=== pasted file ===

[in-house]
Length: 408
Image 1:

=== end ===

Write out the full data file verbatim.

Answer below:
[in-house]
Length: 408
Image 1: